A lot of people these days complain constantly about the dearth of quality Hip-Hop produced in this day and age, but at the flip of the coin these same people won’t support it when it’s right in front of their face. Little Brother has had a tumultuous career up to now, having experienced their fair share of ups & downs including label changes & the split with producer 9th Wonder. However, one thing that remained constant is the quality product they’ve continually feed their fans since they hit the scene.
The newest addition to their discography, And Justus For Allâ€¦ is a mixtape turned album that is surprisingly better than most rapper’s studio albums. The tape plays through almost without fault, except for a subpar beat here and there or when a guest MC’s whole verse gets outshined by a Phonte metaphor.
The album showcases every facet of LB’s array of styles. On songs like “Time Of Your Life,” “Too Late For Us” and “Delusional,” the duo caters to the ladies with a much more adult style than most of their contemporaries, with verses talking about love opposed to lust.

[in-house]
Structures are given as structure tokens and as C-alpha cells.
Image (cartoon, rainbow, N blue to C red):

Phonte and Pooh also spend some extra time exploring the braggadocios side of Hip-Hop much than they do on their proper albums. “Best Kept Secret” has the two emcees trading bars with fellow wordsmith Legacy over a electro-influenced RJD2 beat. They also rhyme to a variety of instrumentals about the same subject of being the best, but surprisingly, it doesn’t get monotonous. Instead, it gets more interesting each time you hear the off the wall metaphors that Phonte brings to fruition. Despite the majority of the songs following those two subjects, we still get to see the boys back in their lane on the autobiographical “The Pressure,” where they talk about the struggle of being a Hip-Hop artist in today’s fickle music industry and still staying true to their artistic vision.
This album is a good addition to any Little Brother fan’s collection; however, it is not the first album a new listener should check out because it’s not exactly a good showcase of what they represent. Instead it shows that they have the skills to tackle repetitive Hip-Hop subjects and still make it worth listening to. Justus is served.